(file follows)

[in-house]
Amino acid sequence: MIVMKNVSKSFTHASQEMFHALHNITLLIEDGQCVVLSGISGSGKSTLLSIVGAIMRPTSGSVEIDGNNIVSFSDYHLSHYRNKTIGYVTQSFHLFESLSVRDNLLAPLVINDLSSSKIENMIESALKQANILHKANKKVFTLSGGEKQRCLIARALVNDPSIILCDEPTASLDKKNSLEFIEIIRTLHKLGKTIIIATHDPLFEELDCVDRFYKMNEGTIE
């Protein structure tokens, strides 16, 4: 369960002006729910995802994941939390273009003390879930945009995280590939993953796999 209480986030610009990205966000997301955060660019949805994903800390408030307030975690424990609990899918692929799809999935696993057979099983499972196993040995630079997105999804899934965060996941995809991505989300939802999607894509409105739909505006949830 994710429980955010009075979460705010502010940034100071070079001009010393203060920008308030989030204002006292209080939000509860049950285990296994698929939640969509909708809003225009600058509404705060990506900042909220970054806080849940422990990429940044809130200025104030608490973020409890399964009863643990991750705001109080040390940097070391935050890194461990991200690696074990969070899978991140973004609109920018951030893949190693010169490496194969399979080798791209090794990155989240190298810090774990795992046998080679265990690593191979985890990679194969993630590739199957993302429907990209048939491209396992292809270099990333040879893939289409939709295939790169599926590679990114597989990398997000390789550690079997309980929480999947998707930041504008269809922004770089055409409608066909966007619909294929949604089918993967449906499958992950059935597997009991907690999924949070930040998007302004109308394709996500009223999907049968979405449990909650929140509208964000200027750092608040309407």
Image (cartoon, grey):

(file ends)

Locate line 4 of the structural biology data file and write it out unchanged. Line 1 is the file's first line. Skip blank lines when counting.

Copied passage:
Image (cartoon, grey):